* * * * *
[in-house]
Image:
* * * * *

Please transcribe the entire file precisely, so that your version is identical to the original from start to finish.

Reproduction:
[in-house]
Image: